For many, the Roald Dahl story “The BFG” is a classic tale from their childhood. That puts extra pressure on actor Mark Rylance who took on the role in the new Steven Spielberg directed movie from Disney.
In an interview with Rylance we asked about his participation in the movie including what it was like the first time he saw himself on screen as a the BFG.
“…normally as an actor, you see yourself in the mirror before you go on set. But I had no idea what this would look like. I thought a lot about when I should ask Steven to be involved, but I thought, ‘he’ll know what’s right.’ It wasn’t as uncomfortable as seeing myself normally on screen, which I usually just can’t bear, you know. This was different enough that it was a little more distanced.”
Most Rylance’s performance was motion capture in the style of Avatar, where there’s a camera trained on the actors face to capture both performances simultaneously. That requires some unique physicality for the role.
“I have a camera on my head, and I’m wearing a funny suit with a kind of silver nipples and ping pong balls or something all over the place. I exist in a computer. I’ll have a doll on the table, which would be Sophie, and then Ruby (Barnhill) would be kneeing behind the table, so I can actually have eye contact with her.”
“Then in the afternoon, we would go to her set next door, and this table would now be much bigger than my room, and these props would be six foot high. There she’d be, standing in scale. And I would be up in a high tower to give the right line of eye-sight.”
There’s definitely a balance between technology and making sure the actors are able to give real performances despite the difference in scale.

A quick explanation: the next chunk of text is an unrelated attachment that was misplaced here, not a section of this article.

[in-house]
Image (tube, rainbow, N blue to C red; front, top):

Watch the latest trailer from Disney’s “The BFG”
According to Rylance his favorite Gobblefunk word, or at least the one that’s most fun to say, is “scrumdiddlyumptious.” What is your favorite Gobblefunk word?
Disney’s “The BFG” stomps into theaters July 1, 2016!
About “The BFG”
The talents of three of the world’s greatest storytellers – Roald Dahl, Walt Disney and Steven Spielberg – finally unite to bring Dahl’s beloved classic “The BFG” to life. Directed by Spielberg, Disney’s “The BFG” tells the imaginative story of a young girl and the Giant who introduces her to the wonders and perils of Giant Country.
The BFG (Mark Rylance), while a giant himself, is a Big Friendly Giant and nothing like the other inhabitants of Giant Country. Standing 24-feet tall with enormous ears and a keen sense of smell, he is endearingly dim-witted and keeps to himself for the most part. Giants like Bloodbottler (Bill Hader) and Fleshlumpeater (Jemaine Clement) on the other hand, are twice as big and at least twice as scary and have been known to eat humans, while the BFG prefers Snozzcumber and Frobscottle.
Upon her arrival in Giant Country, Sophie, a precocious 10-year-old girl from London, is initially frightened of the mysterious giant who has brought her to his cave, but soon comes to realize that the BFG is actually quite gentle and charming, and, having never met a giant before, has many questions. The BFG brings Sophie to Dream Country where he collects dreams and sends them to children, teaching her all about the magic and mystery of dreams.
Having both been on their own in the world up until now, their affection for one another quickly grows, but Sophie’s presence in Giant Country has attracted the unwanted attention of the other giants, who have become increasingly more bothersome. Sophie and the BFG soon depart for London to see the Queen (Penelope Wilton) and warn her of the precarious giant situation, but they must first convince the Queen and her maid, Mary (Rebecca Hall), that giants do indeed exist. Together, they come up with a plan to get rid of the giants once and for all.